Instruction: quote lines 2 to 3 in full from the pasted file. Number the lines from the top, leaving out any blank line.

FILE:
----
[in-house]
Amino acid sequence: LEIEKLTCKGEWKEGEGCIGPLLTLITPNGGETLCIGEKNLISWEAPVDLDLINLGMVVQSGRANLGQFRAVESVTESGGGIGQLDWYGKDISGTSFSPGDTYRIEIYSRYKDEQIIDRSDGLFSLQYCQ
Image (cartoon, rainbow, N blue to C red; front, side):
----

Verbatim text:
Amino acid sequence: LEIEKLTCKGEWKEGEGCIGPLLTLITPNGGETLCIGEKNLISWEAPVDLDLINLGMVVQSGRANLGQFRAVESVTESGGGIGQLDWYGKDISGTSFSPGDTYRIEIYSRYKDEQIIDRSDGLFSLQYCQ
Image (cartoon, rainbow, N blue to C red; front, side):